Pet parenthood isn’t all fun and games. Adding a dog, cat, or any other animal to your family is a huge responsibility, one that demands time, money, energy, and a lot of emotional fortitude. The work begins before you’ve even selected a pet, let alone brought one home.
Recognize the commitment
Bringing home a new pet is not something to do on a whim. Before you commit to pet parenthood, be sure to make a thorough assessment of your life, budget, and home. Are they all conducive to the responsibilities of owning a pet? What kind of pet will suit you best?
It’s equally important to recognize when you’re no longer capable of providing pet care. Responsible pet owners take the appropriate action when the financial or physical commitments of pet parenthood become too great. They identify trustworthy individuals who can take ownership of their pet and provide the necessary care if needed. While it is rare for owners to outlive their pets, owners should always plan ahead for the possibility.
Prepare your home for a pet
You may not realize it, but your house is probably filled with potential pet hazards. Things you interact with every day may present poisoning or injury risks that you’ve never considered. That’s not to mention all the mischief your pet may get into once they’re home. New dog and cat parents alike should watch out for anything that might inspire biting, chewing, batting, or clawing. These precautions are especially important for anyone bringing home a puppy or kitten. A young pet is more likely to explore every corner of their new living space -- don’t let curiosity get the better of them.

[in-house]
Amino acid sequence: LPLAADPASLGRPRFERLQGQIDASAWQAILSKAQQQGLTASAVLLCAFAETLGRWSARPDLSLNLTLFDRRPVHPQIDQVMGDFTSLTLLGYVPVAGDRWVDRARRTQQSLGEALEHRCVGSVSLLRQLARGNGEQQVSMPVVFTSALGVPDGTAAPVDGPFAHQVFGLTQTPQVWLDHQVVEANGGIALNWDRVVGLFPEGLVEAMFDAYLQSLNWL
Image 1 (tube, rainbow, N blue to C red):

Trust your veterinarian
Pet ownership is hard work, but (thankfully) it’s not typically a one-person job. Choosing a trustworthy veterinarian will mean finding an expert to guide you throughout each stage of your pet’s life. Your vet will ensure your pet is properly vaccinated, that they’re maintaining a healthy weight, and that you’re treating all health conditions effectively.
Crucially, your vet will also guide you through the most turbulent period of pet parenthood: the end of a pet’s life. With your pet’s well-being in mind, they’ll offer objective insights to help you make informed and humane decisions. This won’t make it easy to say goodbye, but it can make it a little less difficult.
Obey the law
Certain counties and states require pet owners to follow specific guidelines. These may include keeping dogs leashed, getting pets microchipped, and more. In addition to these official guidelines, it’s important to follow “unwritten rules.” Whether or not your county has laws relating to cleaning up after your dog, for example, it’s always a responsible and respectful choice. The same goes for socializing pets and keeping excessive noise to a minimum.
Ask about pet insurance
Have you talked to your vet about pet insurance? It won’t keep your pet from getting sick or prevent them from developing chronic conditions, but it can significantly reduce the financial and emotional burden of pet health emergencies. Learn more about what pet insurance coverage could mean for you and your pets.